Video clips provided with this lesson are from the film American Promise. Depending whether you want students to practice reading skills or listening skills, assign them to read either Heather Coffey's description of code switching , skipping the section on "How to Move from Corrective to Contrastive," or, to read aloud this description of Code Switching from NPR : So you're at work one day and you're talking to your colleagues in that professional, polite, kind of buttoned-up voice that people use when they're doing professional work stuff.
Your mom or your friend or your partner calls on the phone and you answer. And without thinking, you start talking to them in an entirely different voice -- still distinctly your voice, but a certain kind of your voice less suited for the office. You drop the g's at the end of your verbs. Your previously undetectable accent -- your easy Southern drawl or your sing-songy Caribbean lilt or your Spanish-inflected vowels or your New Yawker -- is suddenly turned way, way up.
In linguistics, code-switching or language alternation occurs when a speaker alternates between two or more languages, or language varieties, in the context of. Code-switching, process of shifting from one linguistic code (a language or dialect) to another, depending on the social context or conversational setting.
You rush your mom or whomever off the phone in some less formal syntax "Yo, I'mma holler at you later" , hang up and get back to work. Then you look up and you see your co-workers looking at you and wondering who the hell you'd morphed into for the last few minutes.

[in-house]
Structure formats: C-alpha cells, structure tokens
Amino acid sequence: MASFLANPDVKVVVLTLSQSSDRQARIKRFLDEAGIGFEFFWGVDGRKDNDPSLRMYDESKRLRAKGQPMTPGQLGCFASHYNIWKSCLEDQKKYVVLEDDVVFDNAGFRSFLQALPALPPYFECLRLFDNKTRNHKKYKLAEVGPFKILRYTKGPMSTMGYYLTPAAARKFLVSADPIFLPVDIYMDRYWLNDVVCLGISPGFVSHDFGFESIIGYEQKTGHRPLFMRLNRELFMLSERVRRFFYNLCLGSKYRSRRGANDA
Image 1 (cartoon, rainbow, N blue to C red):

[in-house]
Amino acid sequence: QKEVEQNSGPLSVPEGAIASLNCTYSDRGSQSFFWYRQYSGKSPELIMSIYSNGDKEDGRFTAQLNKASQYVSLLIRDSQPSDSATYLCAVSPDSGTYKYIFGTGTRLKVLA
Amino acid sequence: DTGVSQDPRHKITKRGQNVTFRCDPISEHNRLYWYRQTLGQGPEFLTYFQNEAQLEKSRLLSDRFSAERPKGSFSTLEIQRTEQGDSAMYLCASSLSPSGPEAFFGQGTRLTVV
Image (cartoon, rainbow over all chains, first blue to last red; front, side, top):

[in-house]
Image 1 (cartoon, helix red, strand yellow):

That right there? That's what it means to code-switch. Have students write one-paragraph summaries of what they heard or read. Although code-switching can sometimes refer to switching quickly between languages, it more commonly references a habit of conforming to the dominant culture through a change in dialect — which can have much higher stakes for some than it does for others.
For Black college students especially, code-switching can at times feel like a requirement for fitting into a space so heavily saturated with white peers, professors, and standards of academic excellence.
Many have noted that people who use AAVE are incorrectly viewed as less intelligent, making white English the language of academia. Experts have noted how harshly people are judged based off of dialect and pattern of speech. Studies show that teaching students to efficiently code-switch at a young age can help them get jobs or gain acceptance into highly ranked colleges later in life. For the students who feel they must conform to that to succeed, a code-switch can be not only an inconvenience, but a huge emotional toll and a detriment to mental health.
Not only must Black students read and write in a different dialect to perform well in class, they must do so to be accepted by white peers and authority figures. On campus, that can mean dealing with a constant internal monologue telling Black students they are not smart enough — or white enough — to fit in or thrive in university. Just as Black people across America slip into white English to appear more professional or be taken seriously in academic settings, there is a long history of non-Black people using AAVE to seem hip, casual, or cool. This reverse code-switch is a particular form of cultural appropriation that allows the dominant culture to explore and enjoy a form of Black culture without judgement in a way that African Americans are not afforded.
For Black people who grew up speaking in AAVE, the reverse code-switch can be particularly hurtful — proof that the only thing keeping Black Americans from speaking naturally is the color of their skin.